2. Charlie Clark Silver badge

      Re: Apples and Oranges

      One does meaningful human audits of every app uploaded

      For a given value of meaningful: the value of Apple's checks was debunked a while ago. I have a couple of apps on my Mac went back to selling directly beause the App Store was so shit.

      Of the two Apple is definitely the most anti-competitive. Android will let you use and trust other stores and also let you install your own browser, mail client, etc.

      Stores should be opened up and, if there is no fixed price for books any more, there shouldn't be for apps. Developers should be able to sell directly but there should also be some thought given to avoiding a race to the bottom.

  4. ratfox Silver badge

    What's the situation in China?

    Seeing as Google is blocked out, there should be a lot more competition between app stores. How many are there? What percentage do they take?

    I heard there's more malware in China, which might be a reason for the rise of super-apps like WeChat: the app becomes the app store.

    1. Charlie Clark Silver badge

      Re: What's the situation in China?

      Just because Google is blocked doesn't mean there will be more competition. People get a phone with a suite of stuff that replaces Google Play Services.

      I heard there's more malware in China…

      Moving the app store to add-ons for apps won't necessarily make anything safer. Piracy and knock-offs are common in China so people have less of a problem installing less legitimate stuff.

  5. Anonymous Coward
    Anonymous Coward

    Microsoft ?

    Do Microsoft have an App Store ?

    What cut do they take ?

    A journalist might have mentioned that.

    1. ratfox Silver badge
      Trollface

      Re: Microsoft ?

      They used to take 30% everywhere, but they have recently reduced it to 15% or 5%... Except for games: Announcement here.

      This probably reflects how desperate Microsoft is to attract developers. As to why the article did not mention it, I can only assume they thought it was irrelevant.

      1. JimmyPage Silver badge
        FAIL

        Re: Microsoft ?

        how desperate Microsoft is to attract developers

        Not so desperate they didn't manage to break every single incarnation of Windows Mobile with it's successor. 8 broke 7.5 which broke 7.1 which broke 7.0 which broke 6.5 which broke WinCE ....

  6. Reaps

    say again, how are they dodging 30% apple tax?

    article seems lopsided, pushing the blame on google.

    But never explains how fortnite dodges the Apple tax????

    Remember Apple are the bastards that started this shit, and there excuse of security is bull, it's to make sure your not bypassing their Apple toll.

    Remember Apple stops anything that attempts to do what apple does ( true 3rd party browsers NOT allowed).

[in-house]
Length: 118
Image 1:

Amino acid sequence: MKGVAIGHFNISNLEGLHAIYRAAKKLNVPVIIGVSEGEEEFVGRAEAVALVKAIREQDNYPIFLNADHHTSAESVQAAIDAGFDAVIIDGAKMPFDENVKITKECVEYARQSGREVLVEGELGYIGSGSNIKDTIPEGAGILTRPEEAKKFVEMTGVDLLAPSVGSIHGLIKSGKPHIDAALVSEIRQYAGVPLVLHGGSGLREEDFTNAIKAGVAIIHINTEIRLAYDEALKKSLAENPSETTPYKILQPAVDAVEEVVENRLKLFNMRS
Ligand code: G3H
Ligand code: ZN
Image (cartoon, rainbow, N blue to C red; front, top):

and if apple make a new app that nicks others ideas, the other app gets banned.

    Put the anger where it really belongs fucking apple!!!.

    1. Zippy´s Sausage Factory

      Re: say again, how are they dodging 30% apple tax?

      true 3rd party browsers NOT allowed

      And there are good reasons for that - browser engines are complex beasts. Given Apple's insistence on checking every app for trojans, malware and other nasties, as well as trying to ensure they run smoothly on all supported hardware and don't munch battery power like a hungry robot in a Batteries 'r' Us warehouse, you are at least getting something from the "Apple tax" here. That's why Apple users rarely sideload anything.

      Android, however, not only gives you the possibility of shooting yourself in the foot, but will happily hand over a fully loaded shotgun should you ask it to...

    2. RyokuMas Silver badge
      Stop

      Re: say again, how are they dodging 30% apple tax?

      "But never explains how fortnite dodges the Apple tax????

      Probably because they're not. But that's not to say that they would not if the option was available - as you quite rightly point out Reaps, "Apple stops anything that attempts to do what apple does" - so unless you're willing to jump through the hoops of a jailbreak, there's no easy alternative to loading an app than via the app store.

      However, this exact same level of lockdown makes it a lot harder for me to do something like creating a malware app, making it look suitably close to the official Fortnite branding, and floating it on the store. So security is not an excuse here, it's a fact. In fact, having made mobile games myself and seen how easy it is to put a fake app up on Play, I for one would feel more confident about side-loading an APK that I had downloaded from the official Fortnite site than hoping I'd found the right one in the store.

      However, as the article points out, avoidance of the 30% "tax" is at least part of the reason behind the decision, as the CEO freely admits. And why not? It's just business - and like I said, I bet if the option were there on iOS, they would do the same.

      1. Loyal Commenter Silver badge

        Re: say again, how are they dodging 30% apple tax?

        However, this exact same level of lockdown makes it a lot harder for me to do something like creating a malware app, making it look suitably close to the official Fortnite branding, and floating it on the store.

        It strikes me that if apks are properly signed, and certificates properly checked by the OS on install, then your 'foortnight' app purporting to be from Epic Games would not have the appropriate certificate to identify it. True, there isn't much of a barrier to obtaining a signing certificate legitimately, but I can't see how some simple checks in the store could stop the more rampant abuses (certificate registration, checks, and a human eye on each to make sure it tallies with what it says it is). These needn't be costly - a one-off fee for each certificate submitted to the store's registry and a fee for each app submitted, both of which should reflect the amount of work required to check them - say £10.